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Book Review: All the Bright Places

If you are looking for a review that praises ‘All The Bright Places’, then you are in the wrong place.
Don’t get me wrong, I enjoyed aspects of the book. The idea of writing about a teenage boy experiencing depression was wonderous, I thoroughly enjoyed reading it from that perspective, it was a unique insight, and you could tell that the author had done her research as mental health was represented amazingly, rather than romanticised.

Violet and Finch’s love story was told through all of the bright places in their life, which was a romantic notion, all of the die-hard The Fault in Our Stars fan would love it. It was emotional, and some of the places they travelled to I even enjoyed, but it was an obvious cliché, but do you abhor cliches? They’re fun, that’s why they are cliches because they can be enjoyed.

I also enjoyed the way she presented how a person grieves through Violet, the rawness and the excuses were poignant and beautifully written, but in all honesty, I hated Violet with all my being. I appreciated how she managed to make something of herself while grieving for her sister, and I enjoyed reading about her moving on. However, I did not become attached to her emotionally, I didn’t care about what happened to her. I’m glad she found the strength to move on, but that was it. I can’t explain why I didn’t like her, maybe I saw too much of myself in her, or maybe I didn’t see anything in her personality that made me wish to like her and care about her.

The romance between Violet and Finch, while heartfelt, was unnecessary, it shows a young adult audience that the only way someone who is grieving and suffering from depression can find hope is through loving someone romantically when I don’t think they were in the right mental state for a relationship. If the author had kept the relationship platonic, familial almost, there may have been even better character development, why promote the trend in which a man and a woman can’t just be friends? Why not show a relationship where they can hold hands and be affectionate and love each other without bringing lust into it?

What was ultimately sad about the book is that Finch and Violet being romantically involved made them okay for a short time, but this just shows that the only way people can be happy is when someone makes you happy, why not show that you have to make your own happiness, write about the battle to being what makes you happy, rather than relying on the fragile happiness that someone gives you.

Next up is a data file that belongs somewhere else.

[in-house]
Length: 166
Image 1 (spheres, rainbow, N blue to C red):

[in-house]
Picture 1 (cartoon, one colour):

I was also irritated by the way Finch’s story ended, he was a beautifully written character with flaws, he was someone that if whoever read this book, they would be able to find themselves in him. He had quirks and flaws, and while having a mystifying aura, he was one of the most realistic people in the novel, not that I am saying Violet was unrealistic, I just didn’t relate to her in the way I related to Finch. Finch was the epitome of a damaged teenager, horrible parents who only cared about the idea of him, rather than wholly him. Bullied and called a freak for being slightly different, and irreversibly damaged with a fear of being labelled. I hated Finch’s ending because it really made me lose hope, I felt like his ending was used to help Violet develop into the person she became at the end of the book, to become the strong woman who lost the most important people in her life, to become someone to look up to. But what about looking up to Finch for admiration? He deserved a chance, he deserved a better ending than what he was given. I’m not saying he should have fully recovered, I’m saying that the people reading this book who may be suffering from depression may wish to see that there is hope. However, I can also appreciate the idea that the writer ended the book this way to show how devastating depression and suicide can be.

This book deflated me, I was making excuses so I didn’t have to read it, but I cannot bare to leave a book unfinished. I kept hearing reviews saying that this book changed lives, I can only say that it dragged mine down. I suppose in the midst of the Romeo and Juliet situation the characters found themselves in, the book had a real message which the author left at the end of the book. I didn’t want a happy ending, but I wanted a hopeful ending for all the characters, but the book paid homage to the Fault in our Stars trend.
I am a thorough believer that you may be able to appreciate books at different places in your life, I may reread this book next year and actually relate to it that time round as my mindset may be in a different place. But I am conscious that we are in the present, so I am leaving this book with 2 out of 5 stars.
There is no denying that the author is an incredibly talented writer and a very understanding person with regards to mental illnesses, but this book just wasn’t my cup of coffee, but that does not mean that it is not yours.

Love From, Davina



I'm a wannabe writer, feminist and support LGBTQA+ rights. I'm into reading, films and being boring. Currently (trying) to write my first book

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